There's a lot of crossover between the media. A digest is like a magazine or journal but can also contain book excerpts. Then there's the newspaper.

Comic books, as we've assayed, were originally comic strips from the dailies combined into one book or pamphlet. Strips have their own resonance.

Comics themselves don't often make the headlines but there are no end of columns and articles dealing with them and their antecedents. Papers, in order to give relief from the preponderence of bad news that is their stock in trade, can cover some broad subjects.

 Comics aren't quite so broad as to have pieces on male pattern baldness or to appear as reading material at the hairdressing salon, they may not often be set in Guangdong Province or tell of the plight of camel drivers and, yet, neither can the most earnest broadsheet  cover every outage, every outrage; while, too often, the tabloids are busy touching up the page three girl.

Comics can give you the fun of a puzzle page, but mostly they coexist on the same page as the crossword. And they crop up as items of interest in the classifieds.


Posted by berko_wills at 5:55 AM NZT
Updated: Sunday, 27 August 2006 6:32 AM NZT
Post Comment | Permalink
Monday, 31 July 2006
Slick
There are magazines about comics and there are comics in magazine format, but in what ways are comics like magazines in general? Far from being narrow and fan-based, magazines cover everything from psychology to sheep farming but specialist publications usually take the form of trade and professional journals, and are available on subscription. Of course, this was not always available. The newstand won't cater to readerships below a certain size but neither are they all general interest. Apart from those glossies catering to: one also has to consider the groupings that are common to any larger newsagent: Comics have moved toward artful covers but they once bore catchy titles and descriptions to hook the reader in. Publishing history has seen an uneven attribution of bylines in both media. Advertising has long featured and you do sometimes get an editorial and a letters page

Posted by berko_wills at 4:01 PM NZT
Updated: Tuesday, 1 August 2006 4:15 PM NZT
Post Comment | Permalink
Saturday, 22 July 2006
A watched kettle

In all of the crossing of genres, we have largely stayed clear of terms that are particular to other media but, now that you have the perfect primer for beginning your exploration into the world of 2D adventure, let's look across at those terms; starting with books: Now the thing about the potboiler is that, while it is just as racy as yer average comic book, being in printed word form and lasting at least a couple of hundred pages, the idea is that all the action and suspense keeps you reading. Adding pictures and reducing the size to thirty-two pages turns this into something different; it isn't anywhere near as big an investment of the reader's time. So too the airport novel.

But the term thriller is a different story and has been employed in the graphic medium a number of times. In fact there was a series called Thriller. Not that I want to fall into the trap of equating comics with the lurid end of book publishing; it's not all pulp fiction, it could even be literature.

Taken over the complete series, a (comic) book may need an appendix, it may possess a frontispiece The index comes into play at the study level. Comics themselves don't usually contain an index to individual panels but Silver Age Marvel, especially, made judicious (often uproarious)use of footnotes. Not even the multi-story British weekly comics would necessarily have a contents page. Part of the fun was reading each story in turn and working through the mag that way. You pretty soon got to know all the regular strips anyway. To an extent these are like a collection of short stories but the ongoing seriality of many of the stories makes them appear more like periodicals than books.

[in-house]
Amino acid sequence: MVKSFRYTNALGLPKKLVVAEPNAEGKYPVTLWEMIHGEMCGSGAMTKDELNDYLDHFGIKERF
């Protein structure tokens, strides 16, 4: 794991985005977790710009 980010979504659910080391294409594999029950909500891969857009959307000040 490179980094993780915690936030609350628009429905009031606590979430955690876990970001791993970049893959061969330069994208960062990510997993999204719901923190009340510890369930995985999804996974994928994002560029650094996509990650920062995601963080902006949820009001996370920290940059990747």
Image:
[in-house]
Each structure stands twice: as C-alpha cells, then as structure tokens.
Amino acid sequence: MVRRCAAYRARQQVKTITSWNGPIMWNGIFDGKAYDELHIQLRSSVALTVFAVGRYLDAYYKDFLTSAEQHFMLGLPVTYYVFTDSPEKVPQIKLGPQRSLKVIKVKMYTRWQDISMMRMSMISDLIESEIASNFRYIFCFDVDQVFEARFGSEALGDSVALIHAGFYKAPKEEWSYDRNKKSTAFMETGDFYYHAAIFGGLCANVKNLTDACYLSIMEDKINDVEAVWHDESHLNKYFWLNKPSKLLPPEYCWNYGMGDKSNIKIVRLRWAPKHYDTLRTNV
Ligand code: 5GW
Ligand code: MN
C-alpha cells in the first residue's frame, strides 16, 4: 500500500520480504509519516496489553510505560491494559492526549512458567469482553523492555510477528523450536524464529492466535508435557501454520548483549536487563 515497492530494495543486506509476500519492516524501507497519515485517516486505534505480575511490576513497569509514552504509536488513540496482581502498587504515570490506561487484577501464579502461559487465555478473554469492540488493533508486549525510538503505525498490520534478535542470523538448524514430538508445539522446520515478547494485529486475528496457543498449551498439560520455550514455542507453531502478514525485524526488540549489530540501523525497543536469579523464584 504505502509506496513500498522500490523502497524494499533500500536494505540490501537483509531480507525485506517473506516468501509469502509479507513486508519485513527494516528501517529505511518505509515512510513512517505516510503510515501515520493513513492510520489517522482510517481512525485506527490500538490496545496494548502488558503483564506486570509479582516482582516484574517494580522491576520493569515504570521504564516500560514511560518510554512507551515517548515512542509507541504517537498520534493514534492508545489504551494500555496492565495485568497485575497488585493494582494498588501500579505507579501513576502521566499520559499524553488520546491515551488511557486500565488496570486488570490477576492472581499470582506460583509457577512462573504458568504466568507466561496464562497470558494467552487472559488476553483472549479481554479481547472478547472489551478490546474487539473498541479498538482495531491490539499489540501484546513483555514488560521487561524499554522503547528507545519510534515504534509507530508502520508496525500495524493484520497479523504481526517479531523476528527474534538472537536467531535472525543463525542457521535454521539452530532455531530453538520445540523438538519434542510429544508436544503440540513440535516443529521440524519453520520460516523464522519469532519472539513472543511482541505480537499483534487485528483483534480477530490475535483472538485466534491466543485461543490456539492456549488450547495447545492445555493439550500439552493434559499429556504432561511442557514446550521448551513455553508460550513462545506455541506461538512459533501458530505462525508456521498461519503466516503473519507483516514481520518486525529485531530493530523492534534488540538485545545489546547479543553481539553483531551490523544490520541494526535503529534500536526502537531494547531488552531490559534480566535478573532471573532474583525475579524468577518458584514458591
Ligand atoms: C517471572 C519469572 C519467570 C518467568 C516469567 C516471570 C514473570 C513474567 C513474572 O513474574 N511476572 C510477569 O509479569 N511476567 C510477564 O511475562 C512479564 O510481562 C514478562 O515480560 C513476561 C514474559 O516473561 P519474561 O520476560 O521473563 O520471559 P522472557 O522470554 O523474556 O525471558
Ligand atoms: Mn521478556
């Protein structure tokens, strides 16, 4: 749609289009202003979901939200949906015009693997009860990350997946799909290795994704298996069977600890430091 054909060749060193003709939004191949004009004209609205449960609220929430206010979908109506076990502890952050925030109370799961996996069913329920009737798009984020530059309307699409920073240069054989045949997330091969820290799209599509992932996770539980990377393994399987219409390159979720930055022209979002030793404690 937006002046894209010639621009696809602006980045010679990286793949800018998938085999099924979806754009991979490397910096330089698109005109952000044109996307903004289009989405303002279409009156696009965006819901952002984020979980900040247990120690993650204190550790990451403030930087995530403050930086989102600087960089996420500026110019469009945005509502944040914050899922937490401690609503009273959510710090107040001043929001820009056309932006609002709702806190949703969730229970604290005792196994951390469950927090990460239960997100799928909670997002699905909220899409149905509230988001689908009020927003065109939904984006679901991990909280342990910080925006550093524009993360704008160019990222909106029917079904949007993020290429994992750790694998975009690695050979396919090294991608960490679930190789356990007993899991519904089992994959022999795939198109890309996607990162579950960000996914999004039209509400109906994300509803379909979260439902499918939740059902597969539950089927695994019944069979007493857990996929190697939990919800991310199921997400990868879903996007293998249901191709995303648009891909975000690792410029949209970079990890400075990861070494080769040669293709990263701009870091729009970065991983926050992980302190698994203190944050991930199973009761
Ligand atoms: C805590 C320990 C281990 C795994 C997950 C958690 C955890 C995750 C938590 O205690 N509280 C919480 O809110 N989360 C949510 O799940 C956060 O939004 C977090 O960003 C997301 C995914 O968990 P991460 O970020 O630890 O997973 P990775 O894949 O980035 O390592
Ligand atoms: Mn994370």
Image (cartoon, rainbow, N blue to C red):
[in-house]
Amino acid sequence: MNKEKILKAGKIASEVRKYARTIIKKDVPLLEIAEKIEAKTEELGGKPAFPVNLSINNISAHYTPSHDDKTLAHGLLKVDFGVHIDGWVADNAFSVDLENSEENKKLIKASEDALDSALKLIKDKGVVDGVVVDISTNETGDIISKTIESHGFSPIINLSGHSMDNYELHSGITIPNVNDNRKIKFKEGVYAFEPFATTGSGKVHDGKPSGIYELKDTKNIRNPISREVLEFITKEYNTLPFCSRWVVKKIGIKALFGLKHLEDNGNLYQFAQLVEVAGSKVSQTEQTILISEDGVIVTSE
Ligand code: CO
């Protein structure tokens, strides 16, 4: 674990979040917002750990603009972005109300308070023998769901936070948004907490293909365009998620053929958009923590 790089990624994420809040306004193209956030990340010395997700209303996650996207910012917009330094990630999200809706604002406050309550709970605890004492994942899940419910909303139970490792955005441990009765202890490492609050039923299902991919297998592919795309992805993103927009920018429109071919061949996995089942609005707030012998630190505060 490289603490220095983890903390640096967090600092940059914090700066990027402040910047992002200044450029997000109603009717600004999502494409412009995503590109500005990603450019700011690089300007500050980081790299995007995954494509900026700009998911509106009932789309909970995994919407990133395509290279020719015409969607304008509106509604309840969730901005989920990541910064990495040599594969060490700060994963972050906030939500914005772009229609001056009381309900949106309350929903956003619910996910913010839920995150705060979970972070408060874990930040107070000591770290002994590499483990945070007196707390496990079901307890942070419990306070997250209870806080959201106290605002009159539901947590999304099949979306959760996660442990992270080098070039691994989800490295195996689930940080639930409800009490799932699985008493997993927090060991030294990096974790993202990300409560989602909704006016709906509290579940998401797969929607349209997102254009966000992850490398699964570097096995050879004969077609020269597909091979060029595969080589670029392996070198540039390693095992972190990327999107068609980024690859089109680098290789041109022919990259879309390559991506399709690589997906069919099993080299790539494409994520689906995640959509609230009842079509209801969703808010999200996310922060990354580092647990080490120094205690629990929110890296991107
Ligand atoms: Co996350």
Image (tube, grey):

Any reference  is likely to be about comics rather than in a sequential art format. But did you really want a  dictionary,  thesaurus , or concordance in comic book format? An encyclopedia is different since it utilises a combination of words and pictures to supply its meaning. It is also varied and general in a way that, say, an atlas (yeah, I know) or a cookbook is not.

Comics also occasionally deal with non-fiction. Popular are memoirs and biographies. But comics can cover Rod and real and everything beyond. What's on your coffee table?

Posted by berko_wills at 5:05 AM NZT
Updated: Saturday, 22 July 2006 5:59 AM NZT
Post Comment | Permalink
Thursday, 6 July 2006
There's many a slip
He who laughs last does so because this cross-genre exploration is a wrap. A-ha-ha-ha

Superheroes are all too easy to poke fun at. Fantasy is frivolous; science fictions of the past superfluous.

The seriousness of war and crime still allow for madcap dissection. War comics could either berate the enemy or at least stare them down; or they could deride the taking of sides or the whole rationale for war.

Keystone Cops showed an early inclination to laugh at the law and we presumably get some joy from seeing evil taking a tumble.

Comic drama finds its natural home in the dailies. This doesn't mean that everyone's as suburban as Hi and Lois but, sure, there's a commonality with what you find in sitcoms. Note the number of times that even strips like Hagar the Horrible and Wizard of Id veer into domestic drama with a humorous tinge.

Comedy and adventure have long gone well together and action comedy is only a pratfall away.

And we agree, intermittently, that romance is a suitable subject for humour as are more, nyuk, adult concerns.


Posted by berko_wills at 4:30 AM NZT
Updated: Monday, 10 July 2006 3:55 PM NZT
Post Comment | Permalink
Sunday, 25 June 2006
Stash

As crossovers go, it's a fair cop

Black Canary straddles both sides of the criminal fence and she is not the only superhero to be trained in the same skillset as detectives before deciding to do some serious moonlighting.